To find duct leaks beneath duct wrap insulation:
  1. Initiate a heating or cooling demand.
  2. Set emissivity to 0.2 for foil-faced insulation, or 0.95 for vinyl- or PVC-faced insulation.
  3. Scan ductwork with thermal imager.
  4. Dynamic, real-time temperature variations of insulation surface will be displayed and continually updated as they occur.
  5. Indications of an air leak will be displayed as an extreme temperature at the point of the leak, with temperature gradation away from the leak location to areas of ambient temperatures.
  6. The imager can record selected images of interest for download, if desired.
To find duct leaks behind walls:
  1. Make an initial thermal scan of walls concealing ductwork with the system blower off.
  2. Start the blower and repeat the initial scans.
  3. Compare results of the blower-off to the blower-on scans.
  4. Significant temperature deviations may indicate return leaks that are causing pres-sure differentials within the walls that encourage air and moisture migration from out-doors.
  5. Start heating or cooling operations.
  6. Repeat the wall scans.
  7. Even temperature gradients of the wall that follows the duct-work should be expected.
  8. Uneven or spreading temperature gradients may indicate leaking ductwork
  9. Pay attention to temperature gradients along baseboards and around windows
  10. The imager can record selected images of interest for download, if desired.
To see how diffuser discharge affects ceiling temperatures:
  1. Start heating or cooling operation.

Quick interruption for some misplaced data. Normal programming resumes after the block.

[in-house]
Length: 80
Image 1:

2. Scan diffuser outward along ceiling toward intersecting walls or zones.
  3. Watch temperature change along ceiling to evaluate surface effect.
  4. Watch for temperature change at intersecting wall surfaces to evaluate throw.
  5. This provides a good preliminary analysis prior to breaking out the ladders and air balancing equipment.
  6. Throw should be between 75 % to 110 % of distance from diffuser to intersecting surface.
Insulation effectiveness and air leaks Insulation on all surfaces can be scanned for leakage and losses:
  • Walls that separate conditioned from unconditioned spaces
  • Pipe and duct insulation
  • Higher temperatures are indicated by a shift toward white
  • Lower temperatures are indicated by a shift toward black
Scan conditioned envelope walls or ceilings for even temperatures
  1. Initial scan should be made with HVAC equipment off for insulation effectiveness.
  2. Subsequent scan should be made with blower, economizer and exhaust fans operating to evaluate for air leaks.
  3. Economizers and power exhaust can be temporarily re-adjusted to increase pressure differentials across the conditioned envelope for testing purposes.
  4. Scan on both conditioned and unconditioned side of surface.
  5. Pay special attention to areas of fenestration and along sill plate areas.

Other Remediation Opportunities

Thermal imagers are also ideal for determining the scope of water damage to residential and commercial buildings, including carpeting, walls, roofs, siding, tile, insulation, and other components. Instead of searching for moisture inch-by-inch with a moisture meter, a thermal camera allows inspectors to scan an entire room in a matter of minutes.

By locating the thermal changes from evaporative moisture cooling (EMC), inspectors can moisture map the entire building and isolate problems before providing an estimate for remediation.